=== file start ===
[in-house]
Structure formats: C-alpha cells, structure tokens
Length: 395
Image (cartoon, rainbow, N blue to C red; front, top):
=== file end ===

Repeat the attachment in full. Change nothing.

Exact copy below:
[in-house]
Structure formats: C-alpha cells, structure tokens
Length: 395
Image (cartoon, rainbow, N blue to C red; front, top):